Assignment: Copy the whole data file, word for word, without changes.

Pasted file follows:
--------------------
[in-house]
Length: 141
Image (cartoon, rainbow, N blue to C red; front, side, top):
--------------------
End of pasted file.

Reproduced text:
[in-house]
Length: 141
Image (cartoon, rainbow, N blue to C red; front, side, top):